The Art of Saying No


If you’re a small business owner, saying no needs to be part of your business strategy.

This has become more and more apparent to me as I try to map out the coming months and years ahead of me.

When I first started out, and for much of last year, I accepted almost every job that came my way. I didn’t want to say no because I didn’t want anyone to think that I couldn’t do all that was asked of me. I thought that running a successful business meant accepting any and all offers that would make me money; I could pick and choose later, when I had established myself as a business and could “afford” to turn job offers down.

That was a poor strategy, for several reasons. Namely, that I was accepting job offers that didn’t quite align with the vision I had for my business, and I took on jobs that in reality didn’t do much for my bottom line, and/or took time away from other projects that had the potential to make me more money over time.

Make it easy to say no by reminding yourself of concrete reasons for your hesitation

Interpreting, for example, was always part of my initial business model. One of my first clients, still an excellent client of mine, needed me to interpret, and it made sense to include it in my business plan and advertise those services to local businesses. The thing about interpreting, though, is there just isn’t that much demand for it in this area, not on a regular basis. I don’t have the staff or the time personally to drop everything and interpret when it only happens maybe once or twice a month. I know that it’s a need in the community, but in terms of cost over benefit, interpreting isn’t doing much for my business.

Towards the end of last year I started getting relatively frequent calls from big interpreting/translation companies, asking if someone at my agency would translate X medical appointment at Y practice the following day. I said no to every one of these requests, for multiple reasons: 1) the appointments didn’t fit with my schedule or any of my interpreters, 2) payment would be much lower than if that medical office had contacted me directly, 3) I didn’t want to deal with a placement agency.

Last year our company had a one-time interpreting gig at a medical appointment, and we still haven’t been paid. Dealing with insurance companies is just one reason why for SVLS, medical interpreting is just not the best direction for our time and efforts. When another agency or medical practice calls, it will be now be easy to say “No”, because I have concrete reasons for not wanting to take my business in that direction.

Don’t let your clients pressure you into making a decision that hurts your business

Sometimes, when you think you’ve developed and maintained a good relationship with a client, he/she might try to take advantage of that relationship; sometimes it’s purposeful, sometimes they do it without fully knowing the implications. At SVLS, for instance, it can happen when a client tries to hire an instructor directly for private or group classes to try to lower their costs. Obviously, I can’t really do anything about what a client requests or what an independent contractor does with the time they’re not teaching classes at SVLS, but luckily every instructor that’s been approached about that has said no.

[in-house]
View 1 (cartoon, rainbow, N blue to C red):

It’s happened a couple of times, and the most recent question about it shocked me because it was coming from a very loyal customer. I understand the general desire to lower personal costs, but I was still surprised.

I said no.

Saying that this kind of arrangement is OK would mean undermining the whole mission of my business, as well as incite organizational chaos.

Make saying no part of your business strategy 

1. Have a solid idea of the direction you want for your business, and say no to opportunities or distractions that will take you off course.

2. When you hesitate about an opportunity, take time to note the concrete reasons for doing so. Evaluate whether those reasons are valid (e.g. valuable time is taken away from other projects) and make a firm decision based on those reasons. If you ultimately decide no, write those reasons down; if you find yourself faced with a similar decision in the future, it will be much easier to say no if you have a written list already prepared.

3. Don’t let relationships with clients cloud your judgment about what is right for your business. You could do everything for everyone for free, but then you wouldn’t be in business anymore.

4. Prepare templates for saying no to projects and other requests. Make separate templates for telephone or in-person requests, and email requests. Having those written out already will make it much easier for you to get the words out and give a final decision.

5. It’s entirely possible you might regret saying no to a project or other opportunity. My suggestion here is to keep track of 1) what projects you are offered; 2) projects you accept, 3) projects you regret; 4) results from accepted projects; 5) results from rejected projects. By results I mean, job satisfaction, the value of the job (one-time, continuous revenue), the relationships involved, and whether or not the client pays and pays on time; also include your overall feelings about the job overall.

Do you have any stories of when saying no was initially hard, but overall worthwhile?

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